Puma investigates sweatshop allegations in China
FRANKFURT (AFX) – German sportswear manufacturer Puma AG (Xetra: 696960.DE – news) said it is investigating allegations that some of the production sites it uses in China are sweatshops, where workers are forced to work up to 16.5 hours a day for as little as 31 US cents an hour.
Puma said it regularly audits all its production sites around the world, and is not aware of any evidence supporting the allegations, made by US anti-sweatshop watchdog The National Labor Committee.
We are, however, certainly investigating all allegations, Puma said in a statement.
A joint report issued by the National Labor Committee and China Labor Watch this month alleges that workers at production sites in China where Puma shoes are produced endure
grueling hours, pitifully low wages, exploitation, abuse and denial of their rights.
The report, entitled
Puma’s Workers in China: Facing an Olympian Struggle to Survive, alleges that exploitation is occurring at Taiwanese-owned PouChen Group plants in Gaobu Town, Dongguan, China, where Puma products are manufactured.
While Puma sponsors Olympic teams and superstar athletes it is unlikely that even these finely conditioned athletes could keep pace with Puma’s workers in China, said Charles Kernaghan, director of the National Labor Committee.
A worker in China makes enough 70 usd Puma sneakers in the first five days and two hours of work, before the first week is over, to pay for his or her salary for the entire year, he said.
The allegations in the report focus on the Pou Yuen Plant F site, which is part of a large industrial park owned by the PouChen Group.
The report says workers at the factory have mandatory 13.5-16.5 hour daily shifts and, depending on production demands, work 76.5-100.5 hours a week for a base wage of 31 cents an hour.
Including all overtime and production bonuses, the average take-home wage is 35 cents an hour, or 20.93 usd for a 60-hour week, it says.
The report says that from beginning to end, the total cost of labour to make a pair of Puma sneakers in China comes to just 1.16 usd. It says workers
wages amount to 1.66 pct of the sneakers 70 usd retail price.
Puma’s gross profit on a pair of 70 usd sneakers is 34.09 usd, the report says.
In a statement today, Puma said it acknowledges its responsibility to employees manufacturing Puma goods at its partners’ manufacturing facilities, but audits of the concerned sites had produced no evidence to support the allegations.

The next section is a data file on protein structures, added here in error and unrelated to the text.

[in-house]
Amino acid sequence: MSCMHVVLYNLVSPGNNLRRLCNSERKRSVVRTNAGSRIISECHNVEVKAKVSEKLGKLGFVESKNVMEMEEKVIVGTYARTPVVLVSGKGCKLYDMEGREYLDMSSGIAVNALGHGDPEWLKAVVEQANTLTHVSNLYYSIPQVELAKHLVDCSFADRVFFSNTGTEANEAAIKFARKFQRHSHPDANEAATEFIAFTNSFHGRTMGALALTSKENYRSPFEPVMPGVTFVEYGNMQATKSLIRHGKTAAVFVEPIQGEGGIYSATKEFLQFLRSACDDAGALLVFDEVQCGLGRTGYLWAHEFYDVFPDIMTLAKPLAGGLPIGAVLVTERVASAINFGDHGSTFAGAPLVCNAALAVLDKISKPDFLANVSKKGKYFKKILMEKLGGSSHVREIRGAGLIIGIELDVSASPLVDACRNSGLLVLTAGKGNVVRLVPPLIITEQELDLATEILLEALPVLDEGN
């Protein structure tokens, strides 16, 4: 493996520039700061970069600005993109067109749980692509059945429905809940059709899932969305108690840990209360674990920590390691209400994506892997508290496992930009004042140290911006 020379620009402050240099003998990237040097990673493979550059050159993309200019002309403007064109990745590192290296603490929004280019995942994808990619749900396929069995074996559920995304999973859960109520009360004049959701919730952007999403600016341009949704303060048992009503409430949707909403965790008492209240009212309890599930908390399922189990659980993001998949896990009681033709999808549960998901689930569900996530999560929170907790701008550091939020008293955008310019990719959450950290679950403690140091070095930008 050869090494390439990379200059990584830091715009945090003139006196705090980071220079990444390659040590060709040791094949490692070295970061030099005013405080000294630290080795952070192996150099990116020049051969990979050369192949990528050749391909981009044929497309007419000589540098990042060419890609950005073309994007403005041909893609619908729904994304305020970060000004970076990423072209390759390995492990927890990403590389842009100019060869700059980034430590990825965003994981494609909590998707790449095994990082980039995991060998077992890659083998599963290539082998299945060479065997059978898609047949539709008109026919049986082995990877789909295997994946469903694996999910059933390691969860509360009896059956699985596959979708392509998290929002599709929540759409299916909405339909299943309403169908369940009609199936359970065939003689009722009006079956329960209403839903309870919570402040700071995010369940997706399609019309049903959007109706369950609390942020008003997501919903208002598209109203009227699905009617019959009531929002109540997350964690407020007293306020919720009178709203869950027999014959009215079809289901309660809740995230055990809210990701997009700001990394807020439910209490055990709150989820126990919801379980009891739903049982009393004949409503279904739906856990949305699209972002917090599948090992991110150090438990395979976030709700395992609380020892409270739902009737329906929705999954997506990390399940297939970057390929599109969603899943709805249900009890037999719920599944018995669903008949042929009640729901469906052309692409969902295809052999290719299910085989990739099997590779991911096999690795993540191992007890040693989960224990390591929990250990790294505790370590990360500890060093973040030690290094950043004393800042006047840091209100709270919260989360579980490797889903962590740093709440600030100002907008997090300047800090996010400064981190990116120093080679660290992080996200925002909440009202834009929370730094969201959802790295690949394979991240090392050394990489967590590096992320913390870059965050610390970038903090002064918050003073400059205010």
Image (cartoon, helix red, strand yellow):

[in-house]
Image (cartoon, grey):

It said its code of conduct ensures the payment of
relevant legal minimum wages and limits the amount of hours worked per week to 60, including overtime.
Our S.A.F.E. team (Social, Accountability and Fundamental Environmental Standards) has audited all Puma production sites worldwide during the last several years including our Chinese suppliers, Puma said.
In the named factory in China … our S.A.F.E. team conducted its most recent audit in February 2004. No evidence was found supporting the allegations made by the National Labor Committee.
We are, however, certainly investigating all allegations made by the National Labor Committee, the statement said.
Regarding the remaining points raised in the report, Puma said:
Please note that we are in the process of checking the concerns voiced.
As Puma is committed to upholding our code, we are conducting a thorough and rigorous internal fact-finding mission. However, please understand that due to the necessity of obtaining proper feedback from our production partner in China, certain steps in the process may take some time in order to ensure a comprehensive understanding of the facts.
Two weeks ago, Puma reported a 17 pct increase in second-quarter sales to 352.3 mln eur. Pretax profit rose to 78.2 mln eur in the second quarter from 55.4 mln in the year-ago quarter, while net profit came in at 54.9 mln, up from 37.0 mln a year earlier.